Jerry: [Laughing] Some startups I’ve been involved in come to mind. In short, we had an idea and found investor money to build the product. We would spend months or years working on this product based on specs and architecture developed by our own people – developed completely internally. We delivered the Beta to early adopters and these Beta sites would provide us with reams of feedback and we would go evolve the product. Rinse and repeat the process. The result was a great deal of wasted time, money and precious resources with this iterative process. Until at last we missed the market or ran out of cash.
Having learned valuable lessons from this approach, I would strongly urge companies to reverse the process…sell and market first, utilize product management and marketing paired with Account Managers to engage Lighthouse customers early and find those that are willing to help you define your MVP so when you ship something, you already know it is something customers want and are therefore invested in helping you improve. This saves time, money and dramatically reduces risk and while it is currently a foreign concept to many in the invest community I suspect it will catch hold soon. I’ve heard the President of Google US say much the same thing.
Chad: So in general what benefits do you believe a company can achieve through better sales and marketing integration?
Jerry: I’ll go beyond just sales and marketing integration for this one. A company’s longer term success comes when leadership realizes that every facet of the organization is a cog or tool of equal important in the corporate machine. No one organization is more important than another. This includes sales and marketing. They are as important as development, finance, manufacturing etc. If you can achieve this view, building a well oiled, revenue generating company becomes easier.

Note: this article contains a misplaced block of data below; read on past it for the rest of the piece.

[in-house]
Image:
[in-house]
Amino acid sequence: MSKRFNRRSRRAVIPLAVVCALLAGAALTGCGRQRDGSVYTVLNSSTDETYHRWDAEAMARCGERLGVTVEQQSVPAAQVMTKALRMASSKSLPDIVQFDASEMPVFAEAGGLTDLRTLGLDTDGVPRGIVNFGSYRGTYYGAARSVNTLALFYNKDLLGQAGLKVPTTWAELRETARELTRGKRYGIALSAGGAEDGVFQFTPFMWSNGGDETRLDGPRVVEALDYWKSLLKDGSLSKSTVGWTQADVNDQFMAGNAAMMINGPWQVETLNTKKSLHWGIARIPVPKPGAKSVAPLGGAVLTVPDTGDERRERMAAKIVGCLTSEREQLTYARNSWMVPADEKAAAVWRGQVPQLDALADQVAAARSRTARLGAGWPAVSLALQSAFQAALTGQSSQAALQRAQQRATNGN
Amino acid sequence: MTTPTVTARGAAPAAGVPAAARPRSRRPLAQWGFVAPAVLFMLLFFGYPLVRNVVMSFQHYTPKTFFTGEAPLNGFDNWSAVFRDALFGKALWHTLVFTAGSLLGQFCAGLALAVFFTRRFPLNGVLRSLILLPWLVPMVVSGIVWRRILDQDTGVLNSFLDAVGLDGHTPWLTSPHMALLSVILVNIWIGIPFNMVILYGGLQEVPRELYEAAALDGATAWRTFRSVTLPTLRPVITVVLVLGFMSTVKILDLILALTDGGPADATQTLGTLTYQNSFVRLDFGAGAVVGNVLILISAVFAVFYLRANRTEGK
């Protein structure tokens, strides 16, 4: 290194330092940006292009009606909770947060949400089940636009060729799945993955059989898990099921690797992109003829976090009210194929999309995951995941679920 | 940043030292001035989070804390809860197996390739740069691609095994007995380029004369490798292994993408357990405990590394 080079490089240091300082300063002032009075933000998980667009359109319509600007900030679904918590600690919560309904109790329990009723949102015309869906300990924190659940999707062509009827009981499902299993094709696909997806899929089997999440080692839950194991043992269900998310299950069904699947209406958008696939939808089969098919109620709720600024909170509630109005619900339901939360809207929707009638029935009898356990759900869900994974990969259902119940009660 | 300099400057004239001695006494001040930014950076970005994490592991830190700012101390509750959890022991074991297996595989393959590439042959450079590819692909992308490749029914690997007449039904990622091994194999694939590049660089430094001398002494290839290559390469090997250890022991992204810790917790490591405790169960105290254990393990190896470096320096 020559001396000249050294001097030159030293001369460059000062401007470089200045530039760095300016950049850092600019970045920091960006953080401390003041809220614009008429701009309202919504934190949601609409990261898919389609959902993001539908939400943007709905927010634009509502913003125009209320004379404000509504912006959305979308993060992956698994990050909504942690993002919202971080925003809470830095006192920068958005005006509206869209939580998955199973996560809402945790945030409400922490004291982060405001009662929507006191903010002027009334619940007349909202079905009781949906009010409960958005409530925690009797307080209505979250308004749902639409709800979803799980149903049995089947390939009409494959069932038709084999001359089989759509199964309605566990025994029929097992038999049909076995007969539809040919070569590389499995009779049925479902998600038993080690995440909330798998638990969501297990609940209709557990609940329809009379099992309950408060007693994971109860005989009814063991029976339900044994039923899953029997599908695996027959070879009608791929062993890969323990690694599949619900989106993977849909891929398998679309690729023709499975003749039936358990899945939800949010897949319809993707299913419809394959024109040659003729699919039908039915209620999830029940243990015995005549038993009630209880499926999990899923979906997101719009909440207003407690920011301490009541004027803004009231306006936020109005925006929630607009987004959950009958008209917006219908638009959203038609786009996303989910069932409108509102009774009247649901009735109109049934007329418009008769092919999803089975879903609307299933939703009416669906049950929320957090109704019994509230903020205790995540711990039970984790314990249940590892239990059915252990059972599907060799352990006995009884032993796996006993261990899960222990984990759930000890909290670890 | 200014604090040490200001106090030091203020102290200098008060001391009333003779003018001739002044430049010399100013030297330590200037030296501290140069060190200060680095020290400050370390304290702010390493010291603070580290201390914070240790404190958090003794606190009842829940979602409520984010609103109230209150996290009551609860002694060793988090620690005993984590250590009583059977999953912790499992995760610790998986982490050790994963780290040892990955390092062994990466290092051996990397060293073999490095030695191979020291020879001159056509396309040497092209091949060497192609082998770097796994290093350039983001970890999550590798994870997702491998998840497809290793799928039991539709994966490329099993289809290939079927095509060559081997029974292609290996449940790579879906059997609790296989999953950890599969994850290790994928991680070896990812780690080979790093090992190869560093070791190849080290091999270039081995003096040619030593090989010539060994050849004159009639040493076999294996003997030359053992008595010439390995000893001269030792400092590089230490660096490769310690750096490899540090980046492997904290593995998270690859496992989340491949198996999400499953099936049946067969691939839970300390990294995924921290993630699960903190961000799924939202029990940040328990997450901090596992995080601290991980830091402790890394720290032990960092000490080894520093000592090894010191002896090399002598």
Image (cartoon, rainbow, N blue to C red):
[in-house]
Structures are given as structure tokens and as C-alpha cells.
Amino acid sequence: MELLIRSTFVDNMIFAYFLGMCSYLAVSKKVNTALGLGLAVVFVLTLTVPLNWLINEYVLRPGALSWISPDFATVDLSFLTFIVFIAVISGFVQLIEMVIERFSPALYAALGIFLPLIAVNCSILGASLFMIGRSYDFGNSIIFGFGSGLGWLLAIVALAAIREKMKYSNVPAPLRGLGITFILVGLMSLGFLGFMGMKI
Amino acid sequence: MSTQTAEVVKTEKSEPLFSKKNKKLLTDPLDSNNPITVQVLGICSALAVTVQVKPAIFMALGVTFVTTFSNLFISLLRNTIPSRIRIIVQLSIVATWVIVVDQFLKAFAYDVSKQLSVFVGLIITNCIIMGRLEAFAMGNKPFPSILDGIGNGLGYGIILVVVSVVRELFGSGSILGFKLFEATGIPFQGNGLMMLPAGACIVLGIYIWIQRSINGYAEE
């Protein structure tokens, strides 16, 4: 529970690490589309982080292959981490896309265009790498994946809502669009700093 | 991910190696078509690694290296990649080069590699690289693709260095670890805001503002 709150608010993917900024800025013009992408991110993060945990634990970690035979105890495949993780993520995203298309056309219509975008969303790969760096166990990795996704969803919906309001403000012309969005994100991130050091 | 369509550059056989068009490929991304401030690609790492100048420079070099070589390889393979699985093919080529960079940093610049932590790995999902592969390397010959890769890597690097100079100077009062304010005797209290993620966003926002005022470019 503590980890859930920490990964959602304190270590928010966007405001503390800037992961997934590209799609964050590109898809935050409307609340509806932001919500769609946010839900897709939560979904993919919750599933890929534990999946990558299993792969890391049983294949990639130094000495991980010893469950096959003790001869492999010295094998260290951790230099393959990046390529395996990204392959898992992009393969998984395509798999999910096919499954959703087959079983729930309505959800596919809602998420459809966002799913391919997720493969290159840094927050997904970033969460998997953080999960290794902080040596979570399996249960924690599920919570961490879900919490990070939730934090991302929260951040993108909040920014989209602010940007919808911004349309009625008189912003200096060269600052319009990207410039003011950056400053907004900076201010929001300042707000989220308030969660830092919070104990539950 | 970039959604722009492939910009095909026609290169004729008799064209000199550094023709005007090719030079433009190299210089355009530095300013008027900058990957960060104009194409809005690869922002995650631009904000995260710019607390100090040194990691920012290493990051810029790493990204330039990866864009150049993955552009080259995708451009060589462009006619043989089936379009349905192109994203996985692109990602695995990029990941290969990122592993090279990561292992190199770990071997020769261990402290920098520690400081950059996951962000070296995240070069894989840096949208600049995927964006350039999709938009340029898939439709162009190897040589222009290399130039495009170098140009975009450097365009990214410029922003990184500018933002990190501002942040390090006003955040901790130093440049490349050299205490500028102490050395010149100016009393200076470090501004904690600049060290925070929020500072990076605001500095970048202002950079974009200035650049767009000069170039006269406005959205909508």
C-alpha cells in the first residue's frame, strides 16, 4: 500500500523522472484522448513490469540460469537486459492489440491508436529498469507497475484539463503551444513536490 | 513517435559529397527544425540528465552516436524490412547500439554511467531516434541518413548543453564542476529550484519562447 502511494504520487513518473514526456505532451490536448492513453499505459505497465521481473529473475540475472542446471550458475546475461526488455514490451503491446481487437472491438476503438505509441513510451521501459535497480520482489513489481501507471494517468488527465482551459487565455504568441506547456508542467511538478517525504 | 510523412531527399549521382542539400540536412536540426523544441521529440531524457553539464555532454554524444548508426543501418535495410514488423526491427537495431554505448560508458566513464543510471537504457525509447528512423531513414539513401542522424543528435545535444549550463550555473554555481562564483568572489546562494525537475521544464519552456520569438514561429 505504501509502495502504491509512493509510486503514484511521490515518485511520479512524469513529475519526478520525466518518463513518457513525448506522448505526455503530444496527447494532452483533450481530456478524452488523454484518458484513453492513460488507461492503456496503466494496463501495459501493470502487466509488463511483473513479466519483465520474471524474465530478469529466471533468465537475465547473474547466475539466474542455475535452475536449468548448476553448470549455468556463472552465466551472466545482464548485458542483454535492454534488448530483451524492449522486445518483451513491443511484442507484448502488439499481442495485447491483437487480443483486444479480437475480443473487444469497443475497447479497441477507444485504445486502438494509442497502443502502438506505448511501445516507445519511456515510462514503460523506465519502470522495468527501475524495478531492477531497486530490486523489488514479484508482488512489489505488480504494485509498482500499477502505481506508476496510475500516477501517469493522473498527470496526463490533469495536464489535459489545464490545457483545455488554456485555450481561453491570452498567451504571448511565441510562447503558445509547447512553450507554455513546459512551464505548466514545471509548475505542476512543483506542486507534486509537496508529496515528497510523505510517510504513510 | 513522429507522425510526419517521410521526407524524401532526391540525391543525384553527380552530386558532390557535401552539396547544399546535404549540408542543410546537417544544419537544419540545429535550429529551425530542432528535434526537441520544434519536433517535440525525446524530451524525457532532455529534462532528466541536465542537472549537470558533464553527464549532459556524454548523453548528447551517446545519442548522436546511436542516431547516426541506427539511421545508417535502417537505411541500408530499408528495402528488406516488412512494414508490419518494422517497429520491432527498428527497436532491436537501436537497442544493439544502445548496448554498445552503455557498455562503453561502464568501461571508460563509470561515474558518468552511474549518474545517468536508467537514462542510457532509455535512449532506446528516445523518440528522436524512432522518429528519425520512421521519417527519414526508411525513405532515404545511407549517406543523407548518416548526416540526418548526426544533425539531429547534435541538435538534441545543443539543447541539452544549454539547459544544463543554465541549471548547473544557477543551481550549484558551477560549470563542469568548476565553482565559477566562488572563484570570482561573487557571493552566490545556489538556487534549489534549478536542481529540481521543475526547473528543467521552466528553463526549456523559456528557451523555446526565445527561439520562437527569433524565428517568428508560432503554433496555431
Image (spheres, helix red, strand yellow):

I think the worst thing for any company is to evolve to a label: XYZ is a fiance driven company or ABC is a sales and marketing driven company. The company as a whole has to be customer driven first and foremost. This behavior leads to a smart company, helps in the realization that their first line of information to this is sales and marketing and another critical source of information is support. All organizations within a company need each other and the company needs to support and respect their customer focused efforts.
Chad: So to wrap up, what are the top three suggestions you have for other sales and marketing professionals?
Jerry: Get top down, bottom-up support and commitment; have a process; and focus on the customer, focus on the customer, focus on the customer. The tools available are increasing at a rapid rate, tools for real-time information to help inform business decisions. Embrace them, leverage them where they make sense, and focus on the customer. [Laughing]
Jerry Walters is a Senior Executive with extensive Domestic and International P&L experience in Software and Services companies in the CAD/CAM, Internet B2B Ecommerce, Insurance, Internet Security and Telephony industries. Visionary and especially skilled at managing large and complex Market and Customer Strategies. Significant business experience in start-ups and turning around struggling companies. Ability to deliver and sustain strong financial results in profitability and revenue growth. Adept at bridging cultures and communicating consistent vision and expectations to domestic and international teams. Founded or member of founding team of three Technology companies.